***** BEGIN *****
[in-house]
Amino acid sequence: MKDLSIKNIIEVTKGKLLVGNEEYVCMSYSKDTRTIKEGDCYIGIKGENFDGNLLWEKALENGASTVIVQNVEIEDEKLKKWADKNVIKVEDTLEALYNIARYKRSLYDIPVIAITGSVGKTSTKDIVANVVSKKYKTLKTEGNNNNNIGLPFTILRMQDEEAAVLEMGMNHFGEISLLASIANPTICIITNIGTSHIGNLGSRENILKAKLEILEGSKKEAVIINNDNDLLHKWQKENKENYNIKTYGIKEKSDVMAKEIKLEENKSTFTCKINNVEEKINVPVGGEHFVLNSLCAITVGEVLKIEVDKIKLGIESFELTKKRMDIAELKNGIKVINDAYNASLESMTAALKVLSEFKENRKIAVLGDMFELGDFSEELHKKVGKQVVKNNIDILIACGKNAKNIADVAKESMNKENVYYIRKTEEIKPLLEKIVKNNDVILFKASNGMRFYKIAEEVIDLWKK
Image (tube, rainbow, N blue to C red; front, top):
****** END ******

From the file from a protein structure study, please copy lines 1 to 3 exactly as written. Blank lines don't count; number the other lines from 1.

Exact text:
[in-house]
Amino acid sequence: MKDLSIKNIIEVTKGKLLVGNEEYVCMSYSKDTRTIKEGDCYIGIKGENFDGNLLWEKALENGASTVIVQNVEIEDEKLKKWADKNVIKVEDTLEALYNIARYKRSLYDIPVIAITGSVGKTSTKDIVANVVSKKYKTLKTEGNNNNNIGLPFTILRMQDEEAAVLEMGMNHFGEISLLASIANPTICIITNIGTSHIGNLGSRENILKAKLEILEGSKKEAVIINNDNDLLHKWQKENKENYNIKTYGIKEKSDVMAKEIKLEENKSTFTCKINNVEEKINVPVGGEHFVLNSLCAITVGEVLKIEVDKIKLGIESFELTKKRMDIAELKNGIKVINDAYNASLESMTAALKVLSEFKENRKIAVLGDMFELGDFSEELHKKVGKQVVKNNIDILIACGKNAKNIADVAKESMNKENVYYIRKTEEIKPLLEKIVKNNDVILFKASNGMRFYKIAEEVIDLWKK
Image (tube, rainbow, N blue to C red; front, top):